A 30-something colleague and I were discussing old TV shows that don't seem so distant to us. For example, we remember watching The Price Is Right when contestants donned roller skates, and the width of Bob Barker's collar would have easily covered the contents of a malfunctioning bustier. When Alberto V05 and Ford Pinto's were fabulous gifts.
Watching old TV programs -- complete with original commercials -- reminds us that some brands have enormous staying power while others simply fade away. Some brands have found the fountain of youth, moving from generation to generation without much cosmetic work. What's their secret, and why do other brands fail?
According to Rob Frankel, author of "The Revenge of Brand X" (2000, Frankel & Anderson), there are several reasons why brands fail. It could be that the concept is strategically bankrupt. "There's no good creative without good strategy," writes Frankel. "And if you create your brand without thinking it through, don't start whining when it falls flat on its face."
Or it could be blamed on the "do-it-yourself disease." Branding is not as simple as choosing a logo, there are many nuances that need caressing. "Trying to develop your brand by yourself has about as high a success rate as removing your own appendix," says Frankel.
For those brands that do succeed, resting on laurels could be the kiss of death as well. "Once you create a great brand, you've got to keep nurturing it or it will eventually die," explains Frankel. "That doesn't mean sacrificing your brand equity for every fashion or fad that comes along. But it does mean that your brand's core values have to be able to respond consistently to changing market conditions and still remain intact."
One example Frankel gives is Kodak. "After dominating the world's imagery . . . Kodak's empire began crumbling in the late 1980s," writes Frankel. "Sitting back on their fat cash reserves, Kodak must have thought that the digital revolution was just a fluke. The same kind of thinking that dismissed Elvis and rock and roll as nothing more than a passing fad."
Another example is Timex. "There was a time when you would ask anyone in America -- maybe even the world -- which wristwatch was the most durable, quality timepiece. Without hesitation, the answer would be 'Timex,'" says Frankel. "Anyone who was breathing at that time can still remember the campy demonstrations Timex splattered all over the media in which Timex watches 'took a licking and kept on ticking.'"
According to Frankel, fashion-oriented watches were the cause of Timex's loss in market share.
But what about the brands that work? Those brands that seem like they can never lose?
Frankel lists his Top 10 Brands That Really Sing. Of those top 10, six are manufacturers:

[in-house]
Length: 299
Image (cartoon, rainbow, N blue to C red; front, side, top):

- Harley-Davidson There are some brands that have cultivated their allegiances so smartly as to actually incite violence at the thought of besmirching their good name. Harley-Davidson is such a brand.
- Apple Computer Apple doesn't have a user base. They've got a cheering section. Like Harley-Davidson, Apple Computer was getting badly beaten in the marketplace. And just like Harley, it was Apple's diehard, brand-loyal fans that eventually came to their rescue.
- Rolls Royce Without nearly as much mass advertising as most, Rolls Royce has managed to niche its way up to the top of our consciousness, to the point where anyone positioning themselves as the best in the business frequently refer to themselves as "the Rolls Royce of" whatever sector they happen to inhabit.
- Craftsman Ask anyone -- especially anyone who doesn't know very much about tools - and they'll gladly tell you all about Craftsman. How professionals use them. And how you can return them if they ever break -- no matter how long ago you bought them.
- DieHard . . . the DieHard battery is just about the only battery that has a brand image. . . . They even named it right. Think it's no big deal? Think about this: How many car batteries can you name?
- Head & Shoulders Shampoo Yes, it's old. Yes, it's boring. And, yeah, it probably is one of the most heavily advertised hair-care products out there. But the beauty of Head & Shoulders shampoo is that it has one clearly articulated purpose in life: to help you get rid of your dandruff.
There are obviously myriad other brands out there that deserve a tip of the hat, and a place on The Price Is Right. For those brands, remember the path that Moxie soda took (before Coke and Pepsi, Moxie soda was the No. 1 cola maker in the country) and heed Frankel's advice: "Once you create a great brand, you've got to keep nurturing it or it will eventually die."
Traci Purdum is an associate editor at IndustryWeek. She is based in Cleveland.